Two men have been arrested as part of a National Crime Agency investigation into the attempted importation of a firearm into Northern Ireland.
The pair, aged 38 and 29, were detained at an address in Ballymoney this morning (13 October) following a joint operation involving the Police Service of Northern Ireland and NCA officers.
They are now being questioned by NCA investigators, while searches at addresses in Ballymoney continue.
The arrests follow a Border Force seizure of a package containing a functioning handgun, two magazines and more than 50 rounds of ammunition at an international parcel hub in England.
NCA Belfast branch commander David Cunningham said:
“This is an excellent example of how the NCA, PSNI and Border Force are working together to prevent firearms making it on to our streets.
“Those wishing to bring firearms into our communities do so for one reason, to cause serious harm. Stopping the supply is a priority for us and we will do everything we can, with our partners, to bring those responsible to justice.”
Commenting on the arrests, Councillor William McCandless said ” I wish to congratulate our local PSNI Commander for the excellent work in apprehending firearms today in a border force seizure in collaboration with the NCA. This obviously involved many man-hours by local officers and NCA and their concerted effort could potentially prevent many crimes and possibly save lives.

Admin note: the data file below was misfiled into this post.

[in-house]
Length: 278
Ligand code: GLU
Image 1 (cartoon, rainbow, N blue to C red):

How do illegal firearms find their way onto our streets in spite of the tight controls in the UK? Firearms can become available through theft, modifications, reactivation of deactivated weapons and conversions.
The National Crime Agency ( NCA ) were formed seven years ago. It is a crime fighting law enforcement agency responsible for leading the UK’s fight to tackle serious and organised crime.
The NCA works at the forefront of law enforcement having gathered the best possible intelligence of crime threats and relentlessly pursuing the most serious and dangerous offenders whilst utilising their specialist capabilities.
Serious and organised crime increasingly affects UK citizens more frequently than any other national security threat and leads to more deaths in the UK each year than all other national security threats combined.